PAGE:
If you’re just starting with watercolors, you probably don’t need all these watercolor brush shapes. Still good to know these different brushes so you can gradually add them to your collection.
A good flat brush lets you achieve a wide variety of techniques from thin lines to bold strokes, with straight, squared edges. Wider flats can also help you paint backgrounds and large washes easier.
Arguably the most common and most versatile shape. Round brushes are full-bellied and taper off at a tip. Some round brushes have pointed ends, others have domed ends. Get bigger rounds for broad strokes, and smaller, fine-tipped rounds for detailing.
Flats with a rounded tip. Get these if you enjoy painting floral elements like petals and round leaves. Also great for blending.
Thin round brushes with extra long bristles. It holds a lot more water than you think so you can paint long lines and fine details. Also known as a liner or script brush.
A thick chunky round brush that holds more water and pigment. It’s absorbent and soft, ideal for juicy washes on larger paintings.
Like a flat, straight-edged version of a mop brush. The handles are shorter and widen out at the ferrule. Shorter but absorbent bristles allow for, well, washes all over the paper—a go-to for landscape painters.
Alternatively, a pointed round brush. With its short handle and a sharp point, these are better for up-close detail work.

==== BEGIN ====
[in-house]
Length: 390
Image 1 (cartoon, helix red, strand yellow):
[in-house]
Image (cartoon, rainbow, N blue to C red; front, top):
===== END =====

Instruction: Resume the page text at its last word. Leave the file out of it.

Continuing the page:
A flat brush that fans outward. These are good for blending, painting leaves or feathers, and creating smoother edges.
Flat with a slanted or angled tip. These can fill in corners in a pinch. When turned to its thinner side, an angled brush boosts your control when painting thin, straight lines or curved strokes.
Cat's tongue brushes
This one gets its name from its distinct shape: a flat ferrule with a pointy tip. Its wider belly holds lots of water and you can paint fine details with its pointy tip.
What brush sizes are best for watercolor?
I suggest buying only a handful of starter brushes: round, flat, angled, and filbert. Get these in two or three different sizes. One small for detail work, one medium—two, if you want a second brush for blending or mopping up water—and one large for backgrounds or thicker washes.
Brush sizes aren’t standardized, so check the measurements provided by the brush maker. For Zen Art brushes, refer to our watercolor brush size guide!
Typically, watercolor brush sizes range from 00000 (5/0) to 30. A larger number means a larger brush. Sizes are also shown as fractions (12/0, 10/0, 5/0, etc.). In this case, a bigger number means a smaller point.
The best watercolor brushes to start with